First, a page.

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Single-stream recycling making conservation efficient

A new $9.9 million recycling facility in Outagamie County that separates the recyclable materials residents throw away in one bin may offer a convenience that prompts more people to take up the practice.


Ashwaubenon began offering the service, called single-stream recycling, to its residents in 2007, the first community to do so in the area. Since then, collections have increased 25 percent, said village street director Keith Watermolen.

With the new facility handling recyclables for Outagamie, Brown and Winnebago counties, families such as the Jansens of Little Chute can stop separating their paper and cardboard from the plastic and tin.

“Recycling conserves not just raw materials, but the energy it takes to process them,” said Jason Jansen, who has a master’s degree in environmental science.

Other communities in Northeastern Wisconsin have started offering single-stream recycling, including De Pere in June 2008 and Bellevue and Ledgeview, which are scheduled to start this summer. Allouez separates its paper from recycling — plastics, glass and cans — and uses an automated system for collection.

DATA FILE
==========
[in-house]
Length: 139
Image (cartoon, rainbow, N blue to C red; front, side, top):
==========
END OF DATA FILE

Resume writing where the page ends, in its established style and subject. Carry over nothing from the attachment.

Howard will begin automated single-stream recycling in August, when new recycling bins will be delivered to residents. Suamico is also transitioning to single-stream recycling.

Green Bay began offering the single-stream recycling June 29.

City officials let people know that even wet paper can be recycled but are asking residents to rinse and empty all containers to keep food contamination out of bins. Part of the recycling process for remanufacturing paper includes water, so it is not a contaminant.

The new sorting plant at 1419 Holland Road, Little Chute, was built in response to De Pere and Ashwaubenon’s secession from Brown County’s recycling program when they began offering the single-stream option.

Brown County has shut down its processing facility that previously separated containers from paper. It now loads all recyclables to the new facility. The contracted labor that used to separate containers from paper has been laid off, and the machinery is being salvaged.



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